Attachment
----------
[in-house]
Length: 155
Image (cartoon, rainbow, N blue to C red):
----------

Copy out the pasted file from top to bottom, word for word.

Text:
[in-house]
Length: 155
Image (cartoon, rainbow, N blue to C red):